Throw together a lone figure with their own arsenal of weapons and a post apocalyptic world and you have the potential of a pretty cool film. But you also have the same description of about a billion other movies out today. Though we will trudge through the familiar in The Book of Eli, the end of the road is well worth the path taken to get there.
The lone figure for this film is Eli, a man who has been traveling across the barren remains of the United States, hoping to someday reach the western coast. Sounds simple enough, but it’s not as easy as a two-day journey in a commandeered car. Instead, Eli has spent the last 30 years hoofing it, dealing with the usual downside of an apocalypse, including the scarcity of food and water, and murderous thieves who will pry your stuff from your cold, dead hands before eating the body attached to those hands. Though these roadside attacks show that the value of a civilized society has gone down hill once the world as we know it was destroyed, small towns still exist, including one ran by a man with a strange obsession with the written word. I’ll give you one guess as to who is currently carrying a book with him. [Read more...]
If Date Night were a blind date between you and another person (as opposed to what, I don’t know) then I would say that the date is going pretty well. Sure there are times when some traits are revealed that you aren’t really sure if you want to stick around for, and sometimes they make some nervously ill-conceived jokes that you laugh at to be nice, but overall you genuinely had a good time and were glad you didn’t need to get a friend to call with an “emergency” to allow you to bail out early.
The date that this story revolves around takes a different path than the hypothetical mentioned above. In Date Night, Phil and Claire Foster try to add a little spice to their marriage by going out to a fancy dinner in the city. Unfortunately they do this without making a reservation, but instead of leaving they decide to take on the identity of the Tripplehorns since they bailed on their table. Unfortunately for the Fosters, they don’t even get through their dinner before two men pull them from their meal and accuse them of doing something in a case of mistaken identity, starting off the most dangerously adventurous date of their relationship. [Read more...]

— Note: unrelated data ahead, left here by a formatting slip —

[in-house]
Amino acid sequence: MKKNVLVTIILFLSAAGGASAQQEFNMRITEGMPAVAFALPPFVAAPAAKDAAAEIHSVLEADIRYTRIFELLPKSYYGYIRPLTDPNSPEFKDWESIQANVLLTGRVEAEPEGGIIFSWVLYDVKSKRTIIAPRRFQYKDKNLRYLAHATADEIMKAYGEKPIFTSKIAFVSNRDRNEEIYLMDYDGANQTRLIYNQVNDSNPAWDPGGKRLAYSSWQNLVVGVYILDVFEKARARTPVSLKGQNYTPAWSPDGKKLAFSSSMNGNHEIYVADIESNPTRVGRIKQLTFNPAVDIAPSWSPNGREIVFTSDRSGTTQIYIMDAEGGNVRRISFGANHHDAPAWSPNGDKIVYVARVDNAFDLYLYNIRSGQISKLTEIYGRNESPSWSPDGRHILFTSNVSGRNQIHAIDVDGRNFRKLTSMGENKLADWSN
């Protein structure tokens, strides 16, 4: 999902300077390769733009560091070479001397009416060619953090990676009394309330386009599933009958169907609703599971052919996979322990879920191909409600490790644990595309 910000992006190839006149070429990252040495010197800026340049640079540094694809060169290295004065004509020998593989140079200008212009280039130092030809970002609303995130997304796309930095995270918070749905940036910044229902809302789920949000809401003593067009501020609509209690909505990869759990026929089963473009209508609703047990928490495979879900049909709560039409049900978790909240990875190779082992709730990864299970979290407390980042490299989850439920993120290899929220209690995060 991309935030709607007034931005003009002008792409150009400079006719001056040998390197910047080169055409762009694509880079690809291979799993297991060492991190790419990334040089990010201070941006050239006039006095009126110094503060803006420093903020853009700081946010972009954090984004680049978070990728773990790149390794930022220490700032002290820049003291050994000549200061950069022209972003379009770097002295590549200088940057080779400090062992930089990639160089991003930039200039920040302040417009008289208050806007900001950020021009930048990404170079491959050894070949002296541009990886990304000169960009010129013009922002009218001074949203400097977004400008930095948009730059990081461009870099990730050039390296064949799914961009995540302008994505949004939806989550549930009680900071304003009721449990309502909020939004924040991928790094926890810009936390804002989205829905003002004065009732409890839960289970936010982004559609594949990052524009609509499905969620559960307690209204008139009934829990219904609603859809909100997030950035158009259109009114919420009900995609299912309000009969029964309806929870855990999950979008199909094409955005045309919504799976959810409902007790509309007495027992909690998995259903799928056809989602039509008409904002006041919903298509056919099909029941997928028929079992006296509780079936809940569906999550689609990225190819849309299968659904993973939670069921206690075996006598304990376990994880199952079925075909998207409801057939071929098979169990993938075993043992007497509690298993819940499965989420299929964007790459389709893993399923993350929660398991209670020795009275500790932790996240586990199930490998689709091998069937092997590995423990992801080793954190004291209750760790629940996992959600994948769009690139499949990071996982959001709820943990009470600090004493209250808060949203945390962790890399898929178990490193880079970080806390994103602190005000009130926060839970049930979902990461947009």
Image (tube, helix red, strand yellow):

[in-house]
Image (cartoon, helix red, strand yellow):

The premise is easy to grasp by simply watching a trailer or TV spot, a suburban couple, the Fosters, goes into the city for a night out on the town and when they steal someone else’s reservation they are mistaken for being someone else. What ensues is a game of cat and mouse all across the city that plays out as a detective story as the Foster’s try and track down the “Tripplehorn’s”. Now the film does take a few turns where you might scream at the screen at why The Foster’s are doing this instead of that which could have avoided this whole mess, but then you wouldn’t have a movie now would you. If you can get past this kink then you will find a fun, funny, and kind of weird adventure with an odd couple that encounters a lot of interesting characters along the way.